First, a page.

2. Erica VaughnJackson says:

    Repent ! On my knees ! Thank you God for helping me each day

  3. Jana Jones says:

    This hit me with all the conviction today. I needed it. I needed this refinement. Thank you!

  4. Melissa Mcronney says:

    Powerful read. Praise God

  5. Elisabeth Lind says:

    It hit me today that John prepared the way for Jesus in the WILDERNESS. Not in Jerusalem. Not in a city. Not even in Bethlehem. But in a desert. And then He promises that Jesus will make a way through that desert. He will level mountains, fill in valleys, smooth rough places. He will make a way where there seems to be no way. He comes to our wilderness. He comes to our deserts and He is the WAY. This is the incarnation. He stooped down so very low to make us great. Praise the Lord.

    1. Bessie H says:

      I know what you mean, Elisabeth. Our pastor on Sunday was talking about the highway that God built in the dessert for us. A road, with guard rails, that shows us the way home. We don’t have to wander around trying to find the way. He shows us the way. I love that image.

  6. Kassidy Ellis says:

    Loved the section on “what good is a savior to someone who doesn’t know…”
    The realization of our “normal” is key to receiving a new normal.
    Perishing…. [saved]
    Dirty…….. [clean]
    Sick……. [healed]
    Dead in sin…. [arise!]
    Repentance gives me my new normal.. [Alive!]
    Only Jesus. The kingdoms was near then… it’s near now. Jesus calls us his friends if we do what he commands, and the sooner we realize it’s the only friendship we cannot live without, the sooner our new normal becomes “Do you not know? Have you not heard?”
    May we preach this great love with passion like John.

  7. Elle says:

    I’m thankful that even today through the words and telling of John the Baptist’s story we are reminded of how much we have someone (Christ) to intercede on our behalf so that we can freely draw near to the throne of grace that is extended to those who believe on the Lord Jesus Christ. What a gift it is to know that we can “draw near” and receive mercy, and find mercy in our time of need(Hebrews 4:16)!
    Thanks be to God, we don’t have to fear a lack of waiting arms to receive us and forgive us of all we’ve done wrong, because it was God’s plan all along for us to be reconciled to Himself!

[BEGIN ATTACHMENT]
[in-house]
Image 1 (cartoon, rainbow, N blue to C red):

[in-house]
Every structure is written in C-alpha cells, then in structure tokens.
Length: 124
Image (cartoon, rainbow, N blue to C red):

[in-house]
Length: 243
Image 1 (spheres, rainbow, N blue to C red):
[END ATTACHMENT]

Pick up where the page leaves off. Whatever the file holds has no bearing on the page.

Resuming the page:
8. Diana Fleenor says:

    I’m grateful for the confirming words the Lord brought to me this morning through this devotion. My heart grieves this very reality of so many who do not see their need for a savior. I have family members who have expressed to me the belief that they find thinking in terms of ‘sin’ is harmful to their self-esteem. Because of this rejection, they do not embrace Jesus Christ as Lord and Savior. This has led them to embrace cultural ideology which calls good evil and evil good. Interestingly though they don’t completely reject the notion that Jesus Christ is real, but their futile minds have twisted who he truly is. As I ponder all the conversations I’ve had with them and the potential ones to come, I know how important it is to acknowledge the log of sin in my own eye before attempting to speak truth in love and grace to them. I have not been faithful to the Lord in so many ways and I want to heed this call to repentance, receive the forgiveness and cleansing of all my sin and then be prepared to give an answer to whoever may pepper me with questions about my beliefs. When they are angry because the truth is offensive to them, I pray that I will remain respectful yet firm in conviction. May my motive be to love God first then through that love, this person in front of me. I pray this for all of you who are seeking to be messengers of the good news as well!